By now, many of you have probably heard the story of Scooby Wright. Wright is a local Bay Area prospect who attended school at Cardinal Newman in Santa Rosa. Due to many factors like the lack of regional success of his league and not being balls to the wall outstanding at his camps, Wright flew under the radar as a two star recruit by many of the big scouting services.
And this story has been widely circulated by now. Via Jeff Faraudo.
Cal didn't think he was good enough to offer a scholarship.
"They told me to go look at Sacramento State," Wright said, referring to Cal's recruiting staff led by then-coach Jeff Tedford.
Wright was a high school star in Santa Rosa and attended Cal's football camp. Even so, Wright's father, Phil, said the response from the Bears was, "Zero, zero, zero."
The kid says Cal told him he "wasn't fast enough, wasn't tall enough."
Wright received one offer from Arizona, where he committed. Now he's the Pac-12 Defensive Player of the Year and the Nagurski Award winner, given to the best defensive player in the country.
It's hard to say if Wright would've come to Cal, as the coaching staff that would have been responsible for his recruitment got the boot a few months later. But with a lack of clear and present offers, if Cal had been first to the table, who knows what would have happened?
But that brings us back to recruiting and stars.
Look. Cal isn't alone here. Everyone totally whiffed on Wright as well, including schools like Washington and USC and UCLA. Sometimes you miss on players, and Cal has had plenty of misses near the tail end of the Tedford era out of their backyard. Cal passed up on not-so-highly ranked talent to chase stars, and often succeeded in landing them.
At the time though? A lot of us were very happy that Cal was starting to land top 25 recruiting classes and getting four-star or borderline five-star talent. There was a lot of love being tossed around for he who shall not be named because we now had the players that we could put on the field to go toe-to-toe with the big boys and get national championships.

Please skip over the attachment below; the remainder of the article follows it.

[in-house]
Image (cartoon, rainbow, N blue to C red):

Four years and a lot of losses later, that turned out to be a costly philosophy.
Yes, there is a clear correlation that teams that recruit highly heralded players end up going to national championship games and winning conference titles and all that good stuff. Most schools need some elite talent to achieve the results they're seeking, especially considering how stacked their rivals are in similar talent pools.
Cal is not most schools. Players have to actually earn their degrees. It's a school that is not for every student, so the same should be true for student-athletes too. Tedford and company tended to perform very well with players that were not highly ranked but highly motivated to thrive in the Cal environment. Alex Mack, Justin Forsett, Mike Mohamed, Tyson Alualu, Matt Giordano, Craig Stevens, Brandon Mebane, Erik Robertson, and of course Aaron Rodgers were all part of a nexus of unheralded two to three star talent that revived this program and brought them back to glory.
The players that were highly ranked? No doubt a lot of them kept Cal nationally relevant. But as time went on and we started focusing primarily on talent rather than fit, it was more of a mixed bag with not-so-great results. Anyone who wants to look back at the last five years can see that being really physically talented doesn't mean you mix with Cal necessarily.
That brings us to Sonny Dykes. By conventional standards, Cal isn't really recruiting that well this year. But that doesn't mean we aren't landing good recruits that don't fit what we need and would be great Golden Bears. The slowly rising APR and graduation rates suggest that we are finding players who match the Cal profile a lot better than their predecessors, and that is a good thing. Cal needs players who fit in from Day 1 and can only take limited risks on academic so-sos.
They need athletes who are willing to buy in, get their degrees, and work hard on and off the field. That's the only way Cal can succeed in the long run .
Maybe soon enough, we'll stumble into our own Scooby Wrights.